Tim Rutten: Why, You Can See the Great Wall of China and the California Aqueduct from the MOON!!!!!!
Tim Rutten, cut by the Los Angeles Times, is now spewing his nonsense at the Daily Breeze, the South Bay paper that many read as alternative to the nonsense put out by the Dog Trainer. Fact-checking was never Rutten’s strong suit, and it looks like he slipped one by the editors:
Think California’s recent rain storms solved the state’s water crisis?
Well, they didn’t, and to understand why, you have to go beyond the uncertainties of our state’s climate and into our unique — often confounding — economic and political history.
When American astronauts stood on the moon and looked back toward Earth, there were only two works of man that they could glimpse with the naked eye: One was the Great Wall of China and the other was the California Aqueduct.
It’s certainly news to NASA that you can see the Great Wall of China from the moon:
It has become a space-based myth. The Great Wall of China, frequently billed as the only man-made object visible from space, generally isn’t, at least to the unaided eye in low Earth orbit. It certainly isn’t visible from the Moon.
If you can’t see the Great Wall from low Earth orbit (around 100-1240 miles) it’s going to be a little tricky to see it from about 239,000 miles.
The theory that the wall could be seen from the Moon dates back to at least 1938. It was repeated and grew until astronauts landed on the lunar surface.
“The only thing you can see from the Moon is a beautiful sphere, mostly white, some blue and patches of yellow, and every once in a while some green vegetation,” said Alan Bean, Apollo 12 astronaut. “No man-made object is visible at this scale.”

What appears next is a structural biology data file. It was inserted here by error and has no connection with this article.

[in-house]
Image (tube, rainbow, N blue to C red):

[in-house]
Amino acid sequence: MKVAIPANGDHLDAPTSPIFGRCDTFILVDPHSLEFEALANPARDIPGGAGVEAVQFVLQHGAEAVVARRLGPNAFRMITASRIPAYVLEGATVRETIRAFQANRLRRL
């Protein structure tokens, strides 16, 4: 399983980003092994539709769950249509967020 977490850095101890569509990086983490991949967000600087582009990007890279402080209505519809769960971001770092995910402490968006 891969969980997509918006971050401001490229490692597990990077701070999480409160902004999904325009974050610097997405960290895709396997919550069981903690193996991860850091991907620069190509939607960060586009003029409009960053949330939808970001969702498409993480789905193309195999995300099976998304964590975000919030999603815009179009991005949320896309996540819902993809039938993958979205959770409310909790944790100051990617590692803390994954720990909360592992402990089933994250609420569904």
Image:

But what does NASA know, compared to the great knowledge of Timothy Rutten?
Bean ain’t the only astronaut to say this. Here is Neil Armstrong:
AMBROSE: I wanted to ask, I have heard or read somewhere that there are only two man-made objects on Earth that can be seen from the Moon, and that one of these is the Chinese [Great] Wall and the other is the Fort Peck Dam [Montana]. [I wonder if some Montana governor said that! -- Patterico]
ARMSTRONG: I would challenge both. We could see continents, could see Greenland. It stands out, just like it does on the globe in your library, all white. Antarctica we couldn’t see because there were clouds over Antarctica. Africa was quite visible, and we could see sun glint off a lake. It might have been Lake Chad. I’m not certain which lake it was, but we could catch that reflection, sun reflection…. But I do not believe that, at least with my eyes, there would be any man-made object that I could see. I have not yet found somebody who has told me they’ve seen the Wall of China from Earth orbit. I’m not going to say there aren’t people, but I personally haven’t talked tothem. I’ve asked various people, particularly Shuttle guys, that have been many orbits around China in the daytime, and the ones I’ve talked to didn’t see it.
I’m beating this into the ground, but it’s fun. Here is Dr. Karl at ABC Science:
It’s claimed that you can see the Great Wall of China from the Moon.
That’s one big claim, but let’s take this apart brick by brick.
. . . .
Many other authors, publicists for travel agencies and even the drunk guy down at the pub kept on repeating this story. But is it true?
Neil Armstrong, the first man to walk on the Moon, said about the Great Wall of China, “It is not visible from lunar distance”. Edwin “Buzz” Aldrin, his co-pilot said, “you have a hard time even seeing continents.”
So we can’t see the Great Wall from the Moon, which is about 400,000 km away. But could you see it from the Space Shuttle? It flies in Low Earth Orbit, 300-530 kilometres up.
The astronaut William Pogue, who flew in space on Skylab 4, was able to see the Great Wall, but only with binoculars, and with lots of practice.
(Tim Rutten, for purposes of this blog post, is “the drunk guy down at the pub.”)
As for the notion that the California Aqueduct is visible from space, well . . . as best as I can tell, the sources for that preposterous notion include Andy Warhol, renowned for his deep knowledge of astronomy and physics, and Pat Brown (who was so proud of his pet project that he predicted it would join the Great Wall of China as one of only two manmade objects that could be seen from the Moon!) (Except, didn’t we just show that, um . . .?).
C’mon, Rutten. Even the drunk guy down at the pub could recognize that for the puffery it is.
Thanks to JVW, who has demanded a correction. Here’s hoping the Daily Breeze is more conscientious about facts than the L.A. Times was. I’d like to think so, but . . . they’re publishing Tim Rutten, aren’t they?